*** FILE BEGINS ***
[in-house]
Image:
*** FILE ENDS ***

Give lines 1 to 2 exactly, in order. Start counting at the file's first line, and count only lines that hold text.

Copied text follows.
[in-house]
Image: